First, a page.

Figure 2.1B the same projection, but taken at 40 kVp at 20 mAs. Because the mAs value was doubled from the previous exposure, it compensated for the decrease in the kVp, and the resulting films have the same density. However, since the anatomical features of the teeth are not discernable, the penetration at 40 kVp was insufficient and the image can be considered underpenetrated.

Figure 2.1C another lateral projection, this time taken at 80 kVp at 5 mas. once again, the mas value was adjusted to produce a density similar to the two previous images. The high kVp setting resulted in an image in which all the anatomical features appear as shades of gray and are not easily distinguishable. The image can be considered as overpenetrated.

Figure 2.1C another lateral projection, this time taken at 80 kVp at 5 mas. once again, the mas value was adjusted to produce a density similar to the two previous images. The high kVp setting resulted in an image in which all the anatomical features appear as shades of gray and are not easily distinguishable. The image can be considered as overpenetrated.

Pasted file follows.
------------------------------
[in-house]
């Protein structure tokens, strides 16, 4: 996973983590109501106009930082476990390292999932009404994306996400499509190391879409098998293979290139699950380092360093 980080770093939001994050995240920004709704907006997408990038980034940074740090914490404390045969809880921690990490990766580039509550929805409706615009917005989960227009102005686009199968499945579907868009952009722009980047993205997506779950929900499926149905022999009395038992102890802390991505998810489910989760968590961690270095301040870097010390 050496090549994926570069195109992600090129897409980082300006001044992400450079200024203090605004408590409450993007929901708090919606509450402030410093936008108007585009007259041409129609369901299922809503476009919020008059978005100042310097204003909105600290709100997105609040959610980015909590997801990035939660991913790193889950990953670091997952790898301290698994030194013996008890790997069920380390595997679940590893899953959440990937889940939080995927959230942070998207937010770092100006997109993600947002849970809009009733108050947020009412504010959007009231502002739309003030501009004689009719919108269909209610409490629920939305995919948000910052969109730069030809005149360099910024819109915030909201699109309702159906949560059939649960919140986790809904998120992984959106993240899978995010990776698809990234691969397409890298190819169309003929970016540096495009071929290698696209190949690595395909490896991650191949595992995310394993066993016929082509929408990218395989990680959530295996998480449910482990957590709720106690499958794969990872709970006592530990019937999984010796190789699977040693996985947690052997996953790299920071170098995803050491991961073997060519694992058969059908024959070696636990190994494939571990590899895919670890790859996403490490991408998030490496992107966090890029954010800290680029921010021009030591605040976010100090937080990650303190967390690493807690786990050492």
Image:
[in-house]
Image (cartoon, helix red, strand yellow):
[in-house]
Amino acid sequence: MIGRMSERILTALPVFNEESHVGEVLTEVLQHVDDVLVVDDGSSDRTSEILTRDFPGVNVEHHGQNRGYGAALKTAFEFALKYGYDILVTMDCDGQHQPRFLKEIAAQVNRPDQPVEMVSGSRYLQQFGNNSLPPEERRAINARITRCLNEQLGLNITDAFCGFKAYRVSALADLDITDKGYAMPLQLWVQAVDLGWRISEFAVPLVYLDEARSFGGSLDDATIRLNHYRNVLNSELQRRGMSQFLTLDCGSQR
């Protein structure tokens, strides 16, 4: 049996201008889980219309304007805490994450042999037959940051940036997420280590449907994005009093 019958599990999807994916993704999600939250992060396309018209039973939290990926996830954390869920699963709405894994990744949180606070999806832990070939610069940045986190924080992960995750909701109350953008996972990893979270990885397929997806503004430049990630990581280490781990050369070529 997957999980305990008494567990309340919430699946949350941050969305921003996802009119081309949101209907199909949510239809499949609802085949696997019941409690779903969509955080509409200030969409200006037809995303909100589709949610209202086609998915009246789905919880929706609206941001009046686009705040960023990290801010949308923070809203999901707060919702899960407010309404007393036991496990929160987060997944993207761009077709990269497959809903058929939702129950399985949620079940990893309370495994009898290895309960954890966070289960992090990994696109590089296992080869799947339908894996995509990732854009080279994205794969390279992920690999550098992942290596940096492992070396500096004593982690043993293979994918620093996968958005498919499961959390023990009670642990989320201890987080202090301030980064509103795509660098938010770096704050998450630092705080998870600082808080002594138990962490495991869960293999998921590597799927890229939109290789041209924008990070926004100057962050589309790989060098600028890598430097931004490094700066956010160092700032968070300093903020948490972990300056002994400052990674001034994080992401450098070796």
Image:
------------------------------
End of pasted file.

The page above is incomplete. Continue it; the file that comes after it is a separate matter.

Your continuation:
(Figure 2.1C). Between the range of 55-80 kVp, the minimum change in kV to produce a noticeable difference in penetration is approximately 5 kV.

Because the kV setting controls the penetrating ability of the x-ray beam, it also controls the visible contrast, the difference between black and white, on the image. Therefore, lower kVp settings are less penetrating and produce images that possess higher contrast: more "black and white" with fewer shades of grays. Conversely, higher kVp settings will generate more penetrating x-rays, resulting in lower-contrast images: more shades of gray and fewer areas of "white."